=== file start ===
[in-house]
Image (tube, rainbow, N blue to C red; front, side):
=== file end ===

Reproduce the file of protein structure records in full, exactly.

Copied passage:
[in-house]
Image (tube, rainbow, N blue to C red; front, side):